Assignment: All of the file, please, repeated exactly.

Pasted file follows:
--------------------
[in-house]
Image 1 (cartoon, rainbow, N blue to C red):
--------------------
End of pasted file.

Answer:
[in-house]
Image 1 (cartoon, rainbow, N blue to C red):